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« Reply #929 on: February 18, 2011, 02:58:31 AM »

Currently reading "A Deeper Blue: The Life and Music of Townes Van Zandt" by Robert Earl Hardy.
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Caleb
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« Reply #930 on: February 18, 2011, 04:05:30 AM »

   I started Hemingway's "A farewell to arms", but I think I will give up on him. Too much muck for my tastes. I was considering Audie Murphy's "To Hell and back". I'll have to find a copy first.
I hear you. Sometimes I'll pick up a book because it's considered classic or great, and after I get into it I start wondering why I'm reading it and who I'm trying to impress.  Then I get over myself and move on to the books I _want_ to read. Life's too short to read the wrong books.
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ryler
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« Reply #931 on: February 23, 2011, 02:37:50 PM »

Couldn't agree more with the above.  I loved the first chapter of Moby Dick.  Thereafter it was pure suffering for me.  I put it down.  Now I'm reading The 42nd Parallel, part of the U.S.A trilogy by John Dos Passos.  Again, only on the first chapter and I think it's outstanding.  Let's see if Dos Passos can get me to chapter two more eagerly than Melville.
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Queequeg
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« Reply #932 on: February 23, 2011, 02:55:13 PM »

it took me three attempts to conquer Moby-Dick, but well worth it. (hence my name here, "Queequeg" the S Pacific headhunter and lead harpooneer in this Herman Melville classic).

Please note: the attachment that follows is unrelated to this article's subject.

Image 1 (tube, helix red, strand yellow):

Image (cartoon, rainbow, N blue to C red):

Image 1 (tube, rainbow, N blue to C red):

Right now I'm reading Can't Buy Me Love: The Beatles, Britain, and America by Jonathan Gould. More than simply a fan book. Great history of the 50s and 60s in Britain and here in the states. The bigger picture of what was going on in those times, politically and otherwise which allowed for such a phenomenal pop explosion.
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Walkerman
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« Reply #933 on: February 23, 2011, 03:00:06 PM »

A little OT, but it has to do with books.  Went to our local Borders last night.  Going out of business...liquidation sale.  Tons of folks there buying "close-out sale" books at 20% off.  Too funny...before the sale those same books were marked 30% off, and at Borders on line they're 46% off.
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Danny
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« Reply #934 on: February 23, 2011, 04:16:06 PM »

A little OT, but it has to do with books.  Went to our local Borders last night.  Going out of business...liquidation sale.  Tons of folks there buying "close-out sale" books at 20% off.  Too funny...before the sale those same books were marked 30% off, and at Borders on line they're 46% off.
  Yup, really some dumb buyers in America.
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Queequeg
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« Reply #935 on: February 23, 2011, 04:43:53 PM »

A little OT, but it has to do with books.  Went to our local Borders last night.  Going out of business...liquidation sale.  Tons of folks there buying "close-out sale" books at 20% off.  Too funny...before the sale those same books were marked 30% off, and at Borders on line they're 46% off.